Deep breaths. Mix ’em up — spiracle-blowhole; gill-mouth. Ah, yes. Everything is made of molecules. OK! I should have mentioned that the up was conducting class via Zoom on and off throughout this fantastic voyage. At the park in Culver City, for example, he had oriented his 12th graders to a very fine lesson exploring diction and syntax in poetry. Yup! And then, when they were all clear on the instructions as well as what to do if they weren’t clear on the instructions, the up announced that he was about to improvise an ode to the jacaranda tree and if they didn’t want to hear it, to turn their volume down and put tape over his window on their screens.

Most of them hung out for the ode, though, which further assured the up that doing whatever he wanted to do whenever he wanted to do it is a good and proper path through life. He thanked the students for their attention and asked if it would be ok for them to work offline for an hour while he made his way to school. To this they actually responded with teen phrases including “legit” and “1.”

So now you are super-up-to-date on everything the up did and thought all the way through him wandering around his classroom showing the seniors this that and the other thing on his phone as if all of them were holy relics.

“Look at these index cards,” he exhorted his seniors. “They’re like shirts in Gatsby’s closet. Give me a G if you’ve read The Great Gatsby. No, give me a GG.”

Some kids typed back GG. That counts as discourse, 14 months into remote instruction. Eventually, the up realized only two kids were left on the call so he bid them a fond farewell. Then he basked in his own molecular structure for a few minutes, until it was time to Zoom in with his homeroom. They secretly planted sunflowers and zinnias in some of the bare dirt patches outside, sprinkling some bone meal the up found in a green bag in his room at school.

There is so much stuff in his room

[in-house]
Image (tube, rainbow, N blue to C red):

There is so much stuff in his room at school. So many books, so many records. He has to go back this morning to put them all in storage. The rooms are supposed to be as sterile as possible, the up learned from the administrators, with whom he shared warm greetings when he found them all gathered in the principal’s conference room, on his way home, after walking throughout the entire school and finding exactly three other teachers there.

He had asked those other teachers all how they were doing and listened to their follow-up and then asked if they wanted to talk about the election for Dean. And you know what? I think we could talk about all of that another time. Suffice it for now to say they were nice, warm, friendly conversations. One of the three teachers on campus the day before school re-started even told the up all about a micro-farm in someone’s front yard on Degnan.

“Oh, that’s right by Crenshaw,” the up exclaimed, ever the eager-beaver when it comes to hood geography. His fellow teacher, whom he found down in a basement behind two rows of doors that said “DO NOT ENTER” but the up entered anyway — his fellow teacher said he too had barged right through those doors, and that these front yard farmers have their robust crops growing in vinyl socks.

Vinyl socks.

That cuts through.

Also they are tilted as part of a regenerative irrigation scheme. The up carved a memo in the stone tablet of his brain to follow up on this front yard farm, as doing so would involve an encounter with his own intrapersonal Doppelganger, the mushroom farmer. And so we finish where we began, a special feature of things written by Mark Gozonsky. I recommend that the up remember the niceness of all the conversations and encounters he had on his first bike ride back to school in the getting-to post-COVID era, and store them up for the next time he feels bitter towards his colleagues. Store them up, up!